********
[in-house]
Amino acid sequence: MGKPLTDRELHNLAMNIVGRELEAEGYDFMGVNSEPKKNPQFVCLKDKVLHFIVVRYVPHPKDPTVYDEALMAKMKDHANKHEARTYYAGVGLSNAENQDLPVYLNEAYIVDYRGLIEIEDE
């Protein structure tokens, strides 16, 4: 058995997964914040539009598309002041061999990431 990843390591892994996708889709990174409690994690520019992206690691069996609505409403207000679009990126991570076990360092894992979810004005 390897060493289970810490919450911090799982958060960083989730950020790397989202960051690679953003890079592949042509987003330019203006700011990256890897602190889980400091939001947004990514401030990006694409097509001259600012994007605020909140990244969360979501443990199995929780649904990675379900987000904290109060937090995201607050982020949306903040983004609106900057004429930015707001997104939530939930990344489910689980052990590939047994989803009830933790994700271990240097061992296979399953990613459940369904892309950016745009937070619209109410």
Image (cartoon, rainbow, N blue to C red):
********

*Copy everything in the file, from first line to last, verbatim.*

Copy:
[in-house]
Amino acid sequence: MGKPLTDRELHNLAMNIVGRELEAEGYDFMGVNSEPKKNPQFVCLKDKVLHFIVVRYVPHPKDPTVYDEALMAKMKDHANKHEARTYYAGVGLSNAENQDLPVYLNEAYIVDYRGLIEIEDE
């Protein structure tokens, strides 16, 4: 058995997964914040539009598309002041061999990431 990843390591892994996708889709990174409690994690520019992206690691069996609505409403207000679009990126991570076990360092894992979810004005 390897060493289970810490919450911090799982958060960083989730950020790397989202960051690679953003890079592949042509987003330019203006700011990256890897602190889980400091939001947004990514401030990006694409097509001259600012994007605020909140990244969360979501443990199995929780649904990675379900987000904290109060937090995201607050982020949306903040983004609106900057004429930015707001997104939530939930990344489910689980052990590939047994989803009830933790994700271990240097061992296979399953990613459940369904892309950016745009937070619209109410």
Image (cartoon, rainbow, N blue to C red):